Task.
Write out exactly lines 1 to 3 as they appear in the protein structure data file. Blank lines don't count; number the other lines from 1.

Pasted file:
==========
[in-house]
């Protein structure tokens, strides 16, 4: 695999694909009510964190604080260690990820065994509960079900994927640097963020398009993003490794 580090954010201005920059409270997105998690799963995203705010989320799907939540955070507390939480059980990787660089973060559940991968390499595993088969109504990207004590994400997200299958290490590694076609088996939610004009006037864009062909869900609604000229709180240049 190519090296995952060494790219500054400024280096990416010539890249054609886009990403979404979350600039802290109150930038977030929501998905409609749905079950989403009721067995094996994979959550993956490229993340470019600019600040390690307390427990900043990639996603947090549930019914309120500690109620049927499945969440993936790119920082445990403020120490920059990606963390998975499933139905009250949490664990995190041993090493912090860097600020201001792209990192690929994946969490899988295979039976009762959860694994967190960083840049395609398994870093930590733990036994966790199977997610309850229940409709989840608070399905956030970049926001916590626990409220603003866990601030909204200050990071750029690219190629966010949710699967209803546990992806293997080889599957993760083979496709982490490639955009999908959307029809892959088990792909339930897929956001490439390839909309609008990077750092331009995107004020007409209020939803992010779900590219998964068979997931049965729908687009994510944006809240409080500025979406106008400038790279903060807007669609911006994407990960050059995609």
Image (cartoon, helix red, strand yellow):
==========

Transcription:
[in-house]
């Protein structure tokens, strides 16, 4: 695999694909009510964190604080260690990820065994509960079900994927640097963020398009993003490794 580090954010201005920059409270997105998690799963995203705010989320799907939540955070507390939480059980990787660089973060559940991968390499595993088969109504990207004590994400997200299958290490590694076609088996939610004009006037864009062909869900609604000229709180240049 190519090296995952060494790219500054400024280096990416010539890249054609886009990403979404979350600039802290109150930038977030929501998905409609749905079950989403009721067995094996994979959550993956490229993340470019600019600040390690307390427990900043990639996603947090549930019914309120500690109620049927499945969440993936790119920082445990403020120490920059990606963390998975499933139905009250949490664990995190041993090493912090860097600020201001792209990192690929994946969490899988295979039976009762959860694994967190960083840049395609398994870093930590733990036994966790199977997610309850229940409709989840608070399905956030970049926001916590626990409220603003866990601030909204200050990071750029690219190629966010949710699967209803546990992806293997080889599957993760083979496709982490490639955009999908959307029809892959088990792909339930897929956001490439390839909309609008990077750092331009995107004020007409209020939803992010779900590219998964068979997931049965729908687009994510944006809240409080500025979406106008400038790279903060807007669609911006994407990960050059995609």
Image (cartoon, helix red, strand yellow):